Nor is there any mention of having special access to God, a direct line a privileged route of approach. In Luke (18:7) the widow eventually got what was her due from the unjust judge. "And will God not grant justice to his chosen ones who cry to him day and night? Will he delay long in helping them?"
On the subject of who are worthy to mix with our Blessed Lord Luke has a very beautiful passage (15:1):Now all the tax collectors and sinners were coming near to listen to him. And the Pharisees and the scribes were grumbling and saying. "This fellow welcomes sinners and eats with them." The occasion is an introduction to the parable of the lost sheep over whom there is much more rejoicing in heaven than over the ninety-nine. What is particularly interesting is what the tax collectors and sinners are doing. They are listening to Jesus. We too do well to listen rather than speak. Listening will bring peace whereas talking brings preoccupation. Simeon watched and listened and at the end could say: "Master, now you are dismissing your servant in peace, according to your word; for my eyes have seen your salvation, which you have prepared in the presence of the peoples, a light for revelation to the Gentiles and for the glory of your people Israel".
God's door is open to all. You will remember when they were bringing infants to Jesus and his disciples stopped them, but he said"Let the little children come to me."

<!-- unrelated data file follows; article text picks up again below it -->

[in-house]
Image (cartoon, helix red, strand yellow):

There is no situation that is beyond God. Remember Martha at her brother's grave: "Even now I know that whatever you ask God will grant."
Does this mean that trust in God will dispel all our difficulties. Absolutely not! St John is very clear about this in his Gospel. Christ says, "I have said this to you so that in me you may have peace. In the world you face persecution. But take courage; I have conquered the world." We do not abstract ourselves from life and its ups and downs. We don't assume a superior attitude to others as if we were untouchables. We are caught in everyday experiences and we suffer and are sensitive. But we do gain an inner peace, composure and dignity that turns us back towards God in all our needs. John's Gospel has Peter put it so well, "Lord, to whom shall we go!"
Contact: Jack Smith: phone 61-2-62583824 firstname.lastname@example.org